Two southwest area projects are currently taking their first steps from plan toward reality.
So while it’s tempting to compare them — they’re near each other and rolling out at the same time — that would be unfair. In planning parlance, a “regional center” is a much more ambitious undertaking than a “town center.”
Despite that difference of scale, however, the two efforts share a similar challenge, how to transform a car-centric area into a denser, people-centered community without pricing out current residents.
It is also informative to contrast how the larger WSRC project is able to tackle transportation problems straight on, while the town center project in West Portland lacks the heft to address its major traffic circulation problems.
Tigard – Washington Square Regional Center
Sitting in the middle of Tigard’s regional center is the Washington Square Mall itself. The mall is owned by the real estate investment company Macerich. Macerich has ambitious plans to redevelop their holding, moving away from big box stores and toward a more urban experience.
The possibility of large private investment into the area is a nice tail-wind for the public redevelopment efforts.
Tigard has recently requested $21.5 million in Major Street Transportation Improvement Project (MSTIP) funds from Washington County to transform the arterial on the mall’s eastern border into a “complete street.” MSTIP is funded by a county-wide property tax unique among the Metro counties, and has delivered $900 million toward 150 projects over the past three and a half decades.
I recently met with David Roth, a Senior Transportation Planner with the City of Tigard, to talk about the Greenburg Road project, and the regional center in general.
Roth pointed out that Greenburg Road divides the mall from the Metzger neighborhood, home to many residents who face a high risk of displacement as the area redevelops. The project would provide safe crossings from Metzger to the retail center, as well as remedy the corridor’s many active transportation deficiencies.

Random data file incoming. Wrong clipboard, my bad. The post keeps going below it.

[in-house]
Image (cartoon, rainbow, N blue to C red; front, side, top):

He explained that the team had prioritized five transportation projects, with Greenburg having the highest priority. “Greenburg is a good project to start with. It will be a demonstration project that makes future projects easier to pursue.”
Other high-priority transportation projects included bicycle and pedestrian improvements at the Hwy 217 interchange, and a possible over-crossing at 95th Ave to allow safe bicycle and pedestrian connections to the Fanno Creek trail to the west.
“We are trying to establish a precedent for good planning and best practice for design to show what can be done,” remarked Roth. The Washington County Board of Commissioners will decide on project funding in the winter of 2023.
West Portland Town Center
Last week in Portland, the Bureau of Planning and Sustainability (BPS) presented its draft West Portland Town Center plan to City Council, with a vote to adopt coming up on October 27th.
About six minutes into the BPS staff presentation, Commissioner Jo Ann Hardesty asked the first of what ended up being a series of questions about land speculation and anti-displacement strategies. For several minutes the hearing became a conversational back-and-forth about zoning, densification strategies and infrastructure needs.
The exchange brought into relief the challenges of trying to increase density in an area with inadequate infrastructure—and without a commitment from the city to provide the needed capital to remedy the situation. (In Southwest Portland “inadequate infrastructure” usually means lack of stormwater facilities.)
Absent a way to fund stormwater infrastructure, the plan follows a two-phased zoning change strategy based on infrastructure readiness. The first phase immediately upzones areas ready to support densification. Identified as second phase is land which BPS would like to upzone, but cannot because of stormwater treatment deficiencies. Hardesty’s concern, and the Mayor joined her with questions, was that the interval between phases allowed for land speculation.
With the focus on zoning and speculation, the future town center’s transportation problems were not discussed.
The West Portland Town Center sits on a traffic quagmire formed by the crossing of SW Barbur Blvd and I-5, both under ODOT jurisdictional control. Many people have remarked that decommissioning ramps to and from I-5 would be a key step toward improving area safety and circulation.
But a town center plan doesn’t have the heft to activate traffic change of that magnitude. Zoning changes and Comprehensive Plan updates don’t cost much, so the focus becomes modelling a “new approach to equitable growth.” That, and phased plans to be activated if funds become available in the future.
The SW Corridor light rail project, had it passed, would have helped with some of the area’s stormwater problems. Without it, the WPTC no longer benefits from the synergy a better-funded and bigger project could provide to it.
Lisa Caballero has lived in SW Portland for over 20 years. She is on the Transportation Committee of her neighborhood association, the Southwest Hills Residential League (SWHRL) and can be reached at email@example.com.